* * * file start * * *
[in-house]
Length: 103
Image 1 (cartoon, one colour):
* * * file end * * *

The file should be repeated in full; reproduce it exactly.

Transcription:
[in-house]
Length: 103
Image 1 (cartoon, one colour):